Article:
Dr. Ashok Dhamija

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  • Section 2(2) of the Hindu Marriage Act, 1955, states as under:

    “(2) Notwithstanding anything contained in sub-section (1), nothing contained in this Act shall apply to the members of any Scheduled Tribes within the meaning of clause (25) of Article 366 of the Constitution unless the Central Government, by notification in the Official Gazette, otherwise directs.”

    Therefore, the Hindu Marriage Act contains a specific provision laying down that this Act is not applicable to members of any Scheduled Tribe. However, power has been given to the Central Government to issue a notification in the official gazette for making the provisions of this Act applicable also to the members of Scheduled Tribes. In the absence of any such notification issued by the Central Government, by virtue of above Section 2(2), the provisions of the Hindu Marriage Act shall not be applicable to members of Scheduled Tribes (ST). I am not aware of any such notification having been issued by the Central Government. Therefore, it appears that the divorce petition of tribal people cannot be filed under the Hindu Marriage Act.

    As an example of this, please read the judgment of Himachal Pradesh high court in the case of Ms. Sushma alias Sunita Devi vs. Shri Vivek Rai, [FAO (HMA) No. 229 of 2014, decided on 16 October 2014] [read the judgment].

    Also see, the case of Sobha Hymavathi Devi v. Setti Gangadhara Swamy, (2005) 2 SCC 244 : AIR 2005 SC 800, in which the Supreme Court indirectly accepted the proposition that divorce was permissible as per the custom prevailing in the community in the facts of that case wherein both parties to the marriage were members of the same scheduled tribe.

    In the case of Surajmani Stella Kujur (Dr) v. Durga Charan Hansdah, (2001) 3 SCC 13, a similar observation is seen pointing out that the provisions of the Hindu Marriage Act are not applicable to members of scheduled tribes, in the absence of a notification, and that a valid custom may govern the field.
         


    Dr. Ashok Dhamija is a New Delhi based Supreme Court Advocate and author of law books. Read more about him by clicking here. List of his Forum Replies. List of his other articles.

  • in reply to: Can divorce case run in two separate courts simultaneously? #263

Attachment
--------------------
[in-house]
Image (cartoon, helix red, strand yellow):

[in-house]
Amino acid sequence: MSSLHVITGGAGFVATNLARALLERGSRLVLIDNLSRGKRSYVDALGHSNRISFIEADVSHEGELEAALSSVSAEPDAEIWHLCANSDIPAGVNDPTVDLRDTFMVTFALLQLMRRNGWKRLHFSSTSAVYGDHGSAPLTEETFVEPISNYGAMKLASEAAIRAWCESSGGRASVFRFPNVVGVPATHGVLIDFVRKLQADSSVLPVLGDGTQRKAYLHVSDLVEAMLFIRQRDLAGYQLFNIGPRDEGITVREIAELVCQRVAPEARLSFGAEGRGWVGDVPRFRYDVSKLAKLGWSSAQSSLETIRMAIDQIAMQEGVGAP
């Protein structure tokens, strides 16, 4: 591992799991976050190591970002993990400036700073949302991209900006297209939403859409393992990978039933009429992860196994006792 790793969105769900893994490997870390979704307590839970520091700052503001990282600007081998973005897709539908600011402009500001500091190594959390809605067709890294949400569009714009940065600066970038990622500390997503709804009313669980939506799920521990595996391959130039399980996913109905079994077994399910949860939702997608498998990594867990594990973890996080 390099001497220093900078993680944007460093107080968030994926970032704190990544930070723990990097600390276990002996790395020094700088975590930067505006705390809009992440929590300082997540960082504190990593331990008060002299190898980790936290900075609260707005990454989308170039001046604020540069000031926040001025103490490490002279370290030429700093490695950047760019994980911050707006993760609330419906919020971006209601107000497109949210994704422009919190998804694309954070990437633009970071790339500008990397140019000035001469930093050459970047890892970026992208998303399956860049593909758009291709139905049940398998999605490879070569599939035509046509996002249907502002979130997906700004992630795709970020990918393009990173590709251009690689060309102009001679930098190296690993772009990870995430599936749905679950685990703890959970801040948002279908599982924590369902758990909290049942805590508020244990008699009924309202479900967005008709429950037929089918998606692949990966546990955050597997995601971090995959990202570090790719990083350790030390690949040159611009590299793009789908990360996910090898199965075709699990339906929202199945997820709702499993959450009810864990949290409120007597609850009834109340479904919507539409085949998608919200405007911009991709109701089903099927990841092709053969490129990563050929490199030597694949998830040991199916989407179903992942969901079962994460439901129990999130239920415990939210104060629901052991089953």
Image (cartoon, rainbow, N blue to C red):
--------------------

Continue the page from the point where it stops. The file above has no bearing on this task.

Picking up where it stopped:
From the description given by you, it appears that your appeal against rejection of your divorce petition by lower court is pending in high court. At the same time, your wife has now filed for a divorce petition in the lower court. Thus, it appears that both of you are interested in divorce, though may be on different grounds. In these circumstances, it would be advisable to file a divorce petition by mutual consent, which can be decided much faster than a contested petition and in an amicable manner. If both parties agree for divorce by mutual consent, then after filing such petition by mutual consent, other two cases can be withdrawn.

    The second option is that either of you can agree to the petition filed by the opposite party (since both petitions ultimately want divorce) and get the decree of divorce passed, and thereafter withdraw the other pending petition. The terms of divorce can be decided mutually.     


    Dr. Ashok Dhamija is a New Delhi based Supreme Court Advocate and author of law books. Read more about him by clicking here. List of his Forum Replies. List of his other articles.

  • in reply to: 498A, 313, 323, 506, 504, 377, 34, 3, 4 #262

    From the facts mentioned by you, it appears that the police has directly registered the FIR in city A on the basis of the complaint given by wife. When the complaint discloses cognizable offence, there is no need for Magistrate’s order.

    Whether to file FIR in city B or go to Magistrate court with private complaint? It will depend on facts. The FIR has to be lodged in the city where the offence took place. It cannot be filed in other city. However, if the police refuses to register the FIR, then you can approach the Magistrate court with private complaint.